Please remember that I am a marketing guy — not a HIPAA consultant or legal advisor. Please consult your HIPAA legal counsel and PO for the most up-to-date info.

speaking south

A few notes on upcoming speaking events:

  • (near) Birmingham, AL — On Fri Nov 14, I’ll be talking healthcare B2B marketing at the annual national meeting of the Contact Lens Manufacturers Association.
    (more info and registration)
  • Baton Rouge, LA — I will be doing my presentation, “Selling the Image: Developing a Winning Brand Strategy,” for the Advertising Federation of Baton Rouge on Fri Mar 6
    (more info)

As always, if you need a marketing speaker to deliver an entertaining and engaging presentation on branding, media, healthcare marketing, sales, or any of the other marketing topics I cover, then please contact me.

spoonful of sugar

I’ve been expecting it to blow up.

Marketing Rule #2634 — If all the players in one industry start a marketing arms-race, it will escalate to a point that one of the players will be stupid enough to launch the missile that destroys the marketing for the entire industry.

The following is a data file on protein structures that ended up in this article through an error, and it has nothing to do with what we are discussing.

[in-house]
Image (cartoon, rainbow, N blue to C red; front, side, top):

If you’ve been anywhere near a TV, you’ll know what industry I’m talking about. It’s hard to watch the evening news without suffering hypochondria. Side effects may include repulsion of stock images and cheesy people. Ask your doctor if it’s right for you.

Two ad campaigns / drugs stick out as the ones that have repulsed me the most. One is the scale city model maker who “shrinks” his prostate just like his handful of clay with Avodart. It definitely has the scariest disclaimer – Women should not even touch it without the risk of birth defects. Yeah – that’s something I want to take.

The other one I hate makes me wonder just how many people are walking around with genital herpes?

Back to my fabulous marketing arms-race / missile analogy —
Vytorin and its maker Merck/Schering-Plough have been stupid. You’ve seen the spots. People who look like food. Food that looks like people. Refresh your memory with this video —

The spots make me wonder what food I resemble. (Please leave your suggestions in the comments. Be kind.)

While the first or second versions of the spots were somewhat interesting and the people did kinda look like the food, they progressively got worse where I saw no resemblance. They should have stopped the campaign there. Or even better, maybe they should have stopped the campaign when they knew the drug didn’t work.

Their nasty little secret that they’ve known about for a year has come out in the news in the last few weeks.

From the blonde mini-skirted drug rep that is rushed past me as I’m sitting in the waiting room to the sleazy “consulting” trips that the pharma companies send doctors to in Hawaii, marketing for the entire pharma industry is SICK. This Vytorin fiasco (along with the next few drug scandals that I’m sure are coming down the pike) are just symptoms of the bigger illnesses.